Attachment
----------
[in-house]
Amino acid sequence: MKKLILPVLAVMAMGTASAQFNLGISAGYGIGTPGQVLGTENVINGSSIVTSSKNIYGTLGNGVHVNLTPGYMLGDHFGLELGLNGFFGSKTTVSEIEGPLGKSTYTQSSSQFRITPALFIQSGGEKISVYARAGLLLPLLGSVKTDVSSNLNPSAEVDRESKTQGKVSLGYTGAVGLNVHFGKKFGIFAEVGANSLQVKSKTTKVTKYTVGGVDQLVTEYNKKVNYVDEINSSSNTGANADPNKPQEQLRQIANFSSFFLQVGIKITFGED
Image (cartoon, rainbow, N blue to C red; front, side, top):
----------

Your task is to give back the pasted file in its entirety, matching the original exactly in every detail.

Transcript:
[in-house]
Amino acid sequence: MKKLILPVLAVMAMGTASAQFNLGISAGYGIGTPGQVLGTENVINGSSIVTSSKNIYGTLGNGVHVNLTPGYMLGDHFGLELGLNGFFGSKTTVSEIEGPLGKSTYTQSSSQFRITPALFIQSGGEKISVYARAGLLLPLLGSVKTDVSSNLNPSAEVDRESKTQGKVSLGYTGAVGLNVHFGKKFGIFAEVGANSLQVKSKTTKVTKYTVGGVDQLVTEYNKKVNYVDEINSSSNTGANADPNKPQEQLRQIANFSSFFLQVGIKITFGED
Image (cartoon, rainbow, N blue to C red; front, side, top):